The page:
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11/10/93

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Rice plans cuts: 'Not crisis, just reality in 1990s'

STANFORD -- Provost Condoleezza Rice is asking Stanford's administrative and academic units to cut their budgets a total of $18 million to $20 million over the next three years.

The effort should not be thought of as "crisis budget cutting again," Rice said in an interview, but as the reality of the 1990s, when every institution in the United States finds that revenues are not keeping pace with expenses. The goal is to develop a long-term sustainable budget for Stanford, rather than grapple perpetually with annual deficits.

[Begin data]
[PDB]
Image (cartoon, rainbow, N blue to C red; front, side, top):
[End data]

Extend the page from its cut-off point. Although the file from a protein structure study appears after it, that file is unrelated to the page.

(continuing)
The reductions, about $5 million of which will come in 1994-95, are part of a restructuring plan Rice previewed at the Faculty Senate on Sept. 30. They are meant to eventually eliminate a continuing "structural" budget deficit that remains, even after a $22-million "repositioning" program launched in 1990 and a three- year $43-million budget cut/income enhancement effort developed in 1992.

The new plan also is designed to provide budget flexibility for academic innovation.

While both sides of the university will contribute to the new reductions, much of the early burden will fall on administrative units, which also absorbed the largest share of cuts in the last two rounds.